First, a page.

A police officer stepped in and ushered Mr Sandhu and his group on their way. In fact, the defendant and his party walked around the corner into the nearby St Paul's Square, where they stood by a bus stop.
Moments later, Mr Harrison - still on his phone - walked into the square and there was a second confrontation.
Without warning, Sandhu lashed out, throwing a single punch at Mr Harrison, who was standing on the kerb.
The punch hit him in the mouth, but he fell heavily into the road and suffered an appalling head and brain injury from which he never recovered.
It was Kevin and Trish's second marriage and they had just celebrated their 8th wedding anniversary in August of last year. Between them they had four grown up children (two from each of their first marriages).
After being attacked, Kevin spent a week fighting for his life in Addenbrooke's Hospital in Cambridge.
Medical teams fought around the clock to relieve the pressure around his brain, but complications set in and he died on September 18, having never regained consciousness.
In the witness box, Mr Sandhu had claimed he had thrown the punch at Kevin in self defence.
He claimed he feared he and his group were about to be attacked by Mr Harrison following the earlier argument in the High Street outside the Hi Fi nightclub.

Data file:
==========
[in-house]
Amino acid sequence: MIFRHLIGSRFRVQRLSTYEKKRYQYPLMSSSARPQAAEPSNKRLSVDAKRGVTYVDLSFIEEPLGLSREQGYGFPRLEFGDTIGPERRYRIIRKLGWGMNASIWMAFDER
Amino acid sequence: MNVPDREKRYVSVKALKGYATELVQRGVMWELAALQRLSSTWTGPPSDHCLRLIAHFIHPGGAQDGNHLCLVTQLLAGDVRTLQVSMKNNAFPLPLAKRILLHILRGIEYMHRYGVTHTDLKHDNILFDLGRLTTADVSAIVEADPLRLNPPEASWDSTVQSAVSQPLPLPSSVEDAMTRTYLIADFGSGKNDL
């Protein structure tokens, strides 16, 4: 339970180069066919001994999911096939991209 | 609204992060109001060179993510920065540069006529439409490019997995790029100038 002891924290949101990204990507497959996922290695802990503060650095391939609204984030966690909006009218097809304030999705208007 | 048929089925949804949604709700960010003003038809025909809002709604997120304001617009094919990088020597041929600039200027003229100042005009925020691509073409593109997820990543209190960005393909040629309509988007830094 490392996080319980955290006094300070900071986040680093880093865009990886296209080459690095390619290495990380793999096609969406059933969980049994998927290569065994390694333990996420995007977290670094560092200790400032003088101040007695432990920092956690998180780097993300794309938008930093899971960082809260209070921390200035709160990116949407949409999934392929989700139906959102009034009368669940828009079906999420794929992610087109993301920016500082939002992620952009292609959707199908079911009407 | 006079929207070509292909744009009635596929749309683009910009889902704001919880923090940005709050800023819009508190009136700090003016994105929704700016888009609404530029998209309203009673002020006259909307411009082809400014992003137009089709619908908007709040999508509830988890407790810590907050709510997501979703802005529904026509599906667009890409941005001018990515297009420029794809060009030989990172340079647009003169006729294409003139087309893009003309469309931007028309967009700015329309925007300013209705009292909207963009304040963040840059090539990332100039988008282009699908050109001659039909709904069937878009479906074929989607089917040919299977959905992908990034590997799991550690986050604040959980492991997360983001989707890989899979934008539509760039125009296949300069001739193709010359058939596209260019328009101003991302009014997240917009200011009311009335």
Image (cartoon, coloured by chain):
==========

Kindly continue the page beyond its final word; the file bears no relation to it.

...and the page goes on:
Passing sentence, Judge Foster told Sandhu: "What is clear to me is that Kevin Harrison was a 48 year old harmless man, who was very drunk. He was no threat to anyone apart from perhaps himself."
The judge said there had been no aggressiveness or maliciousness in the first incident outside the nightclub in which Mr Harrison had apparently bumped into a member of Sandhu's group.
But he told Sandhu his reaction to it had been to see it as some sort of "breach of honour."
The judge said that when Mr Harrison walked into St Paul's Square, he had been "completely harmless and on the phone to his wife."
Judge Foster paid tribute to Trish Harrison, saying she had shown "dignity" giving evidence.
The judge told Sandhu his victim that night had been over twice his age and very drunk.
"He was not only harmless, but vulnerable."
Judge Foster jailed Sandhu for five years.
Outside the court, Mrs Harrison said: "Two much of this one punch crime is happening and needs to stop. People need to be made aware that a fist can be just as dangerous to a person as a gun or knife.
"If a person is shot dead or knifed that is murder. Just remember a fist can be just as deadly and should be treated in the same way.
"One totally mindless action has totally destroyed our lives and taken an absolutely remarkable person from us. Our lives will never be the same."
She praised the staff at Addenbrooke's Hospital who had cared for her husband during his week long battle for life.
She said: "They were so amazing and never gave up on him. They are such dedicated people. They made a totally unbearable time just a little bit more bearable. I hope that the fundraising we have been able to do for them will go towards helping others."